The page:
by Bill McBride on 4/27/2014 08:30:00 PM
Sunday, April 27, 2014
This will be a busy week ... Tim Duy has a preview of the FOMC meeting: FOMC Week
The FOMC will wrap up a two-day meeting this Wednesday. I suspect the subsequent statement will be met with little fanfare. There simply has been little in the way of data to prompt any new policy path. Steady as she goes.CR: I expect the FOMC to announce a $10 billion decrease in asset purchases, to blame the early year weakness mostly on the weather, and to express some concern about housing and also concern that inflation is too low. More of the same ...
To be sure, the Fed will be greeted by the Q1 GDP report Wednesday morning, and it is widely expected to be very weak. But incoming data (retail sales, auto sales, industrial production, and employment, for example) suggests that much of this weakness was weather related while the underlying pace of activity, albeit arguably unexciting, remains unchanged. In short, the economy is evolving largely according to the Fed's script, and thus we should expect no major policy change. I anticipate the statement will reflect a greater confidence that the first quarter growth hiccup was a weather effect, that low inflation remains a concern, and a reiteration of the Fed's commitment to a low-rate policy path as long as inflation remains a concern. And another $10 billion cut in asset purchases to push the taper further along.
The Fed may identify housing as an area of concern.
And Jim Hamilton has a discussion of the recent increase in gasoline prices: Oil and gasoline prices: many still missing the big picture
The international price of crude oil ultimately determines the price Americans pay for gasoline at the pump. Seasonal factors can bring the price temporarily below the long-run relation, and this accounted for the temporarily low gasoline prices that we saw last fall and winter. Movements in gasoline prices back up this spring are basically a return to normal.Monday:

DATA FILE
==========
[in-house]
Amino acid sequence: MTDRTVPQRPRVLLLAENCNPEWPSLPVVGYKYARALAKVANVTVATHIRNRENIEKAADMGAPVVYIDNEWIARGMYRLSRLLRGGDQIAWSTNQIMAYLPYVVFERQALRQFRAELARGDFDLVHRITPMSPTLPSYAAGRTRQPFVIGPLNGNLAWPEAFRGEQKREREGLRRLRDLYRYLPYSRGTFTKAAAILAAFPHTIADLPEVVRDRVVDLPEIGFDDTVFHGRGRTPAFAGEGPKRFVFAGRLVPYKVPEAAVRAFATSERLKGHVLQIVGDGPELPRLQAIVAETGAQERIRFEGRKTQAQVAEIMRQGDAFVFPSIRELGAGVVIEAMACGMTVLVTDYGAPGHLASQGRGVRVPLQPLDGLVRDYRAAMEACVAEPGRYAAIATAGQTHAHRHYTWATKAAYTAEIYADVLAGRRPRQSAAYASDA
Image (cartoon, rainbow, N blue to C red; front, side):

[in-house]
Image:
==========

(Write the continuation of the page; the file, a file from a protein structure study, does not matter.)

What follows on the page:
And crude oil prices have remained stable despite impressive gains in U.S. production of shale oil, referring to oil produced from tight geological formations using horizontal fracturing methods. These new drilling techniques have added 2.5 million barrels of daily U.S. oil production since 2010. Why hasn’t that new oil brought lower prices?
For the next several years, the world should be able to continue to increase field production of crude oil, as long as the price stays at current levels. The real message from the new technology is this: oil prices have been remarkably steady over the last several years because of– not in spite of– the important added contribution of tight oil.
• At 10:00 AM ET, Pending Home Sales Index for March. The consensus is for a 0.6% increase in the index.
• At 10:30 AM, the Dallas Fed Manufacturing Survey for April. This is the last of the regional Fed manufacturing surveys for April.
• Schedule for Week of April 20th
• Ranking Economic Data
From CNBC: Pre-Market Data and Bloomberg futures: the S&P futures are up 3 and DOW futures are up 23 (fair value).
Oil prices are mixed with WTI futures at $100.79 per barrel and Brent at $109.58 per barrel.
Below is a graph from Gasbuddy.com for nationwide gasoline prices. Nationally prices are around $3.66 per gallon (up sharply over the last three months and more than 10 cents above the level of a year ago). If you click on "show crude oil prices", the graph displays oil prices for WTI, not Brent; gasoline prices in most of the U.S. are impacted more by Brent prices.
|Orange County Historical Gas Price Charts Provided by GasBuddy.com|
Posted by Bill McBride on 4/27/2014 08:30:00 PM